Selections from Mancala
The window takes its time swinging open and closed.
I alone in the hallway, red curtains, a piece of the garden running over my hand.
A rabbit in the middle of the road, falling
Earlier, I made tea by rubbing my mouth with the back of my hand.
All over the table hot water spreading thin, turning black, not
Tiny structures, my mother’s white dishtowel resigned, fat, floating in a deep gutter.
People can see me from their trucks but I act like they can’t, I throw rocks toward
Or something else, a flooded church.
Peter’s near the greenhouse door with a knife.
Given my relationship with the president, I walk to the dinner party alone.
A cracked field or plane—my body in a crowd.
Peter takes a photograph from above.
A square of linen, a balcony, a gust of wind—my face covered in small
I’m alone near the exquisite vase into which I stick my
Peter laughs, blue with a bit of white.
Someone crouches near my table with a guitar and taps me on the forehead.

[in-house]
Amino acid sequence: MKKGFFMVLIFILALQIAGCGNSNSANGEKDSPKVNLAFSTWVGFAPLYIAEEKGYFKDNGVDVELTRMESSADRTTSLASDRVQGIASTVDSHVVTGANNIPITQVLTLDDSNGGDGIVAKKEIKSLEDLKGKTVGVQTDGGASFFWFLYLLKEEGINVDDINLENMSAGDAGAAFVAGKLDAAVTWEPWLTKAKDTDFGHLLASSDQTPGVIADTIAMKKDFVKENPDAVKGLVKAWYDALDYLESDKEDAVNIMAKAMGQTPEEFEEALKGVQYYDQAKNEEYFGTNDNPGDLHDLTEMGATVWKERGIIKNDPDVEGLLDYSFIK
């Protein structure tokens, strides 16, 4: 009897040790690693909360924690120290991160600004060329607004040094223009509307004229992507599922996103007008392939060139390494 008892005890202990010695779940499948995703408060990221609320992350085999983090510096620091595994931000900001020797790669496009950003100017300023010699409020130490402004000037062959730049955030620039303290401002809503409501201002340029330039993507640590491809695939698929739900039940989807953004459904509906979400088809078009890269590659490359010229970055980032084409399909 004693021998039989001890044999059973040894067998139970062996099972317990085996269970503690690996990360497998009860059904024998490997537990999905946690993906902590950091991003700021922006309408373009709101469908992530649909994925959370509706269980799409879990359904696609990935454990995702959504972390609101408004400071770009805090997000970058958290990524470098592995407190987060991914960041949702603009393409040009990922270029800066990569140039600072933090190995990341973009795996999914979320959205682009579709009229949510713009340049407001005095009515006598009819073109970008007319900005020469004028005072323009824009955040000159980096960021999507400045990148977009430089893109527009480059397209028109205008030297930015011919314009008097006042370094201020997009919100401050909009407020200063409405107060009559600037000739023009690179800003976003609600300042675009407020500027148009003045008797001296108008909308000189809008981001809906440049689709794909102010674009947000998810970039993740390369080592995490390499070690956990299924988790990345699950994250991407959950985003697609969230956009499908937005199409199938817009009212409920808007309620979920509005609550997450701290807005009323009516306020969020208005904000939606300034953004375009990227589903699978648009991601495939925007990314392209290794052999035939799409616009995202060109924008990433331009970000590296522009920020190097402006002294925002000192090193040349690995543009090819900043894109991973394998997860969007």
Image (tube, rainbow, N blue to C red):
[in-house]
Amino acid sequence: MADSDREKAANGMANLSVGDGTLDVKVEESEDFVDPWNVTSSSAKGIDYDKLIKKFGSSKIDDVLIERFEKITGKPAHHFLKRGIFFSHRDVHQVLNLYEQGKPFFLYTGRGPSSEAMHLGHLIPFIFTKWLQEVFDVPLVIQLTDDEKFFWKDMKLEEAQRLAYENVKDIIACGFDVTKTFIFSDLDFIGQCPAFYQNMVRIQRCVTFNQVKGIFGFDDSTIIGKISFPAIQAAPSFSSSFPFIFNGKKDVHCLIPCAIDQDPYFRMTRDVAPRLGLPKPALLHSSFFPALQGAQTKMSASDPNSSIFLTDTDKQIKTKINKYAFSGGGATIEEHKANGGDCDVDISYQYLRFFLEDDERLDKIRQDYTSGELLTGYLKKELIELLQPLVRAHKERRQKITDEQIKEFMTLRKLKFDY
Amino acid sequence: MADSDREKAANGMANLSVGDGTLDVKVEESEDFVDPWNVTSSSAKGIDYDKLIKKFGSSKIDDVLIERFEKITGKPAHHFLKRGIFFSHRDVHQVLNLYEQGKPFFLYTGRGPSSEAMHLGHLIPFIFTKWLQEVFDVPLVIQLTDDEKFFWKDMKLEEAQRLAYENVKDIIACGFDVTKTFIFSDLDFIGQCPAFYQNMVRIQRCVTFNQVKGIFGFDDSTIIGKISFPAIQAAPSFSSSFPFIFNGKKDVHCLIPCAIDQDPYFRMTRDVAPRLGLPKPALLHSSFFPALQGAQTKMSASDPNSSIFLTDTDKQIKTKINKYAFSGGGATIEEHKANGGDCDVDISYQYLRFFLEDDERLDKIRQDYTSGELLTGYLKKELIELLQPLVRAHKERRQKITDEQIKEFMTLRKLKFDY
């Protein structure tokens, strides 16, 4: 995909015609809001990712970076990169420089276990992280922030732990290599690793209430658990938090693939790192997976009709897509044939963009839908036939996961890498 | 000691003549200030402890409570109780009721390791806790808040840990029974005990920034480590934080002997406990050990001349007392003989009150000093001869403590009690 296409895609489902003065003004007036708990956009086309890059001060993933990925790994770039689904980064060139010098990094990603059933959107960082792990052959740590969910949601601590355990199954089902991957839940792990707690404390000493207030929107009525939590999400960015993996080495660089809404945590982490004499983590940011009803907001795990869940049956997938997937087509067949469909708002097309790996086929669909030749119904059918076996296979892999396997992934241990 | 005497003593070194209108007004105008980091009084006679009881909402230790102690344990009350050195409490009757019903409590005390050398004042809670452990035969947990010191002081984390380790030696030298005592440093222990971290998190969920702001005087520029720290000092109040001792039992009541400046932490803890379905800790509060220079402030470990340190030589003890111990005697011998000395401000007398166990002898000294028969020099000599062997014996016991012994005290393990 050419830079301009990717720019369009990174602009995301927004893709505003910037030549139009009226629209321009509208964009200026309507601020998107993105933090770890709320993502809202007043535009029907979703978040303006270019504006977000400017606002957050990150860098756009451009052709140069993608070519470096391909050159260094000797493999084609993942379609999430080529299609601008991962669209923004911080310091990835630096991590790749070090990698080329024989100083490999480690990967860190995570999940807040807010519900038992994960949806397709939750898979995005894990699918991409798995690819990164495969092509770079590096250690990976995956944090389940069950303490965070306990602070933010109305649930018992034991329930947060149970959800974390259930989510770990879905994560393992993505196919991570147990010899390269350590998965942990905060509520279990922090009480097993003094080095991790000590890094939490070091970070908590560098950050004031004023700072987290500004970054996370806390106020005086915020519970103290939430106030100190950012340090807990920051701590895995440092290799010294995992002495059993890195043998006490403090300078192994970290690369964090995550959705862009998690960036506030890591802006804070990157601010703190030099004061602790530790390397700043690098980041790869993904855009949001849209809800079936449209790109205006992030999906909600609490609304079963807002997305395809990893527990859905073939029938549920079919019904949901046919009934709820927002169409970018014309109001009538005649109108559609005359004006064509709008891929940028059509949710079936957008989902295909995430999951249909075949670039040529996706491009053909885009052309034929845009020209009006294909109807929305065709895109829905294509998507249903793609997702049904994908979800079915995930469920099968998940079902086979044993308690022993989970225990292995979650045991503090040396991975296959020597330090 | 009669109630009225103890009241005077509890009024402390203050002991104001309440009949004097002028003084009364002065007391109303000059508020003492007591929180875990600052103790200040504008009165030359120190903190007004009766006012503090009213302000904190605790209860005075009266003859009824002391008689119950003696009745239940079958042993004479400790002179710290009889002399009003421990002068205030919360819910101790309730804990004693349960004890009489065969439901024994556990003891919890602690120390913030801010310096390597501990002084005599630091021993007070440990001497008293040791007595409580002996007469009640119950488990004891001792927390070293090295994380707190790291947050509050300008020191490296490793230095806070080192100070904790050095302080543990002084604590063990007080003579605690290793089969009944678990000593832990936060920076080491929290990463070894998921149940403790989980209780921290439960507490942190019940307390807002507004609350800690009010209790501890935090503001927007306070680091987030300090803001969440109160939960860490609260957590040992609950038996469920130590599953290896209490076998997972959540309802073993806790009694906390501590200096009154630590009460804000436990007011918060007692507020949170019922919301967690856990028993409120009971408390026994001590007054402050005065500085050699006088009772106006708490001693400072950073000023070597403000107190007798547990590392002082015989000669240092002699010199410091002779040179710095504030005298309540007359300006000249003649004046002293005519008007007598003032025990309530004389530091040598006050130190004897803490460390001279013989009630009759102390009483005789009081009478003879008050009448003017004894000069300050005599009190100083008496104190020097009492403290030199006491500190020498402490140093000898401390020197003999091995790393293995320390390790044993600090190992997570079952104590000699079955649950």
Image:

Being a round chamber, I emit a low
series of vibrations.
A square overlook, a solid ring that leaps ahead not to return.
I hear Peter in the next room turning mirrors into wine, certainly his hem a red
The president gets up to speak and calls me by name but I
For the first time, I dress myself.
Applause from the president on the lawn chair, Peter taking pictures of me
A dog brushes my ankle with its nose, its wet eyelid.
In the warehouse people walk and I look around, off to the side.
Like me, they wear their hoods
Behind my own door I find another rabbit—when I unfold it my hands
Her skeleton when I kill her is a plastic water bottle.
Someone calls my name from the balcony, a chandelier again.
A peach rolling out onto the sidewalk.
I am covered in a wide panel, every time I turn I
Lindsey Webb’s work can be found in H_NGM_N, inter|rupture, Jellyfish, and TENDE RLOIN. She’s an MFA candidate in poetry at University of Massachusetts Amherst. She co-edits elsewhere mag.